While still a graduate student, Connelly was chosen to participate in The Artist and the Baseball Card, an exhibition of artists’ interpretations of classic baseball cards. As part of the show, his painting of Detroit Tigers pitcher Frank Tanana traveled to museums around the world, including the Norman Rockwell Museum, the Delaware Art Museum, and the National Baseball Hall of Fame. At about the same time he began doing book cover illustrations, which provided experience in an even broader range of subject matter. His style at the time remained tightly rendered and highly realistic—but that was about to change.
As with countless mid-20th-century American children, the western lore of the cowboy was embedded in Connelly’s imagination as a boy. For an outdoorsy kid who loved horses and was good with his hands, ranch work held the aura of an ideal job. In his romanticized vision it was symbolized by freedom and satisfied days in the saddle under a vast western sky. “Given a chance, I think it’s really something I could have done,” he muses. “I’ve always been drawn to western themes.” Those themes were not a big part of his commercial work, but when the illustration field began shifting inexorably toward computers and away from hand-rendered imagery, Connelly was ready to shift as well. He pored over copies of Southwest Art. In the paintings of James Reynolds and other master western artists, he found the combination of subject and style that linked his lifelong passions and inspired him toward a more impressionistic approach. Just as he had some years earlier, he once again re-envisioned the focus of his work, believing that what he put his mind to, he could do. “I asked myself: How do you want to paint? I started going in that direction,” he recalls, referring to the cowboy art he loved. “And everything came together.”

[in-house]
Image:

Connelly’s faith and his home base in the Midwest both strongly influence his approach to cowboy art.